Cold War

USII.8a     The student will demonstrate knowledge of the economic, social, and political transformation of the United States and the world between the end of World War II and the present by
a)   describing the rebuilding of Europe and Japan after World War II, the emergence of the United States as a superpower, and the establishment of the United Nations;
c)   identifying the role of America’s military and veterans in defending freedom during the Cold War, including the wars in Korea and Vietnam, the Cuban missile crisis, the collapse of communism in Europe, and the rise of new challenges;

Quiz of the Day

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Berlin AirliftBerlin WallCuban Missile Crisis

                    Korean WarVietnam War

                                         USA v Soviet Union

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Berlin Wall Story

Cold War Flashcards

Cold War Hangman

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[Joseph McCarthy's] primary achievement has been in confusing the public mind, as between the internal and the external threats of Communism. We must not confuse dissent with disloyalty. We must remember always that accusation is not proof and that conviction depends upon evidence and due process of law. We will not walk in fear, one of another. We will not be driven by fear into an age of unreason, if we dig deep in our history and our doctrine, and remember that we are not descended from fearful men -- not from men who feared to write, to speak, to associate and to defend causes that were, for the moment, unpopular.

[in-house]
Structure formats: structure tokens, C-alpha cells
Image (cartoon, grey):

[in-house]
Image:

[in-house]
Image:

This is no time for men who oppose Senator McCarthy's methods to keep silent, or for those who approve. We can deny our heritage and our history, but we cannot escape responsibility for the result. There is no way for a citizen of a republic to abdicate his responsibilities. As a nation we have come into our full inheritance at a tender age. We proclaim ourselves, as indeed we are, the defenders of freedom, wherever it continues to exist in the world, but we cannot defend freedom abroad by deserting it at home.

The actions of the junior Senator from Wisconsin have caused alarm and dismay amongst our allies abroad, and given considerable comfort to our enemies. And whose fault is that? Not really his. He didn't create this situation of fear; he merely exploited it -- and rather successfully. Cassius was right. "The fault, dear Brutus, is not in our stars, but in ourselves." -- Edward Murrow, See it Now 1954